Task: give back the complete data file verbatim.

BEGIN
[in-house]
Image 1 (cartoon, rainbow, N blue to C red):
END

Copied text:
[in-house]
Image 1 (cartoon, rainbow, N blue to C red):